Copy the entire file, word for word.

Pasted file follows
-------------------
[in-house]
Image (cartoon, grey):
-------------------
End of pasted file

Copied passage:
[in-house]
Image (cartoon, grey):